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Resolution-class submarine

The Resolution class was a class of four nuclear ballistic missile submarines (SSBN) built for the Royal Navy as part of the UK Polaris programme.

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Response Force Task Group

The Response Force Task Group (RFTG) is the Royal Navy's expeditionary task force maintained at high-readiness and available at short notice to respond to unexpected global events.

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Richard Attenborough

Richard Samuel Attenborough, Baron Attenborough, CBE (29 August 192324 August 2014) was an English actor, film director, film producer, entrepreneur and politician.

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River-class patrol vessel

The River class is a class of offshore patrol vessels built primarily for the Royal Navy of the United Kingdom.

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RMS Lancastria

RMS Lancastria (later HMT Lancastria)"RMS" stands for Royal Mail Ship; HMT stands for His Majesty's Transport was a British Cunard liner commandeered by the UK Government for war.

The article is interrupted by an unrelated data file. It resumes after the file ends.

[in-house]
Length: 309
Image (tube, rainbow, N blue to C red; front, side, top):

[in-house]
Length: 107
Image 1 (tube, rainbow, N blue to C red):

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Robert Beatson

Robert Beatson, LL.D. FRSE FSA (1742-1818) was a Scottish compiler and miscellaneous writer.

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Rosyth Dockyard

Rosyth Dockyard is a large naval dockyard on the Firth of Forth at Rosyth, Fife, Scotland, owned by Babcock Marine, which formerly undertook refitting of Royal Navy surface vessels and submarines.

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Royal Air Force

The Royal Air Force (RAF) is the United Kingdom's aerial warfare force.

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Royal Australian Navy

The Royal Australian Navy (RAN) is the naval branch of the Australian Defence Force.

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Royal Fleet Auxiliary

The Royal Fleet Auxiliary (RFA) is a civilian-manned fleet owned by the United Kingdom's Ministry of Defence.

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Royal Flying Corps